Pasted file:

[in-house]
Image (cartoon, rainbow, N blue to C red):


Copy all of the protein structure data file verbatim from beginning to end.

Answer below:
[in-house]
Image (cartoon, rainbow, N blue to C red):